• At task 607, gateway 101-1 transmits a message to media gateway controller 103, wherein the message comprises at least a second Internet Protocol address which is usable to address a different signal processing unit than the unit that processor 303-1-2 is a part of. This message is the same as message 701 that is described below and with respect to FIG. 7. In accordance with the illustrative embodiment, gateway 101-1 provides exactly one IP address (i.e., that of the selected signal processor) to controller 103. In some alternative embodiments, gateway 101-1 provides more than one Internet Protocol address to the controller when more than one set of attributes can be used by the IP terminal as identified in the original negotiation message (i.e., message 403) sent by the media gateway controller.
  • At task 608, gateway 101-1 receives from media gateway controller 103 an indication that a processing resource has been assigned to handle the packet stream, wherein the assigned processing resource is addressable by the second Internet Protocol address or by another specified address which controller 103 selected from those provided at task 607. Gateway 101-1 also receives a port number from controller 103, which port number coincidentally could be the same as the first port number. Task execution then ends.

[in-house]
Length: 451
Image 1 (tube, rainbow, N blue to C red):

• FIG. 7 depicts a message flow diagram of an information exchange between media gateway 101-1 and message gateway controller 103, in accordance with the illustrative embodiment of the present invention. The events in FIG. 7 occur as the result of task 508 or 607 having been invoked. It will be clear to those skilled in the art which events depicted in FIG. 7 can occur simultaneously or in a different order than that depicted.
  • Message 701 is transmitted by media gateway 101-1 to media gateway controller 103, in accordance with the illustrative embodiment of the present invention. Gateway 101-1 uses message 701 to request controller 103's approval to use a different processing resource than a resource previously identified (i.e., in message 406) to handle a particular packet stream. Message 701 specifies a different Internet Protocol address than the one being used for the packet stream, as well as an associated UDP port number. In some embodiments, message 701 specifies more than one IP address and more than one UDP port number.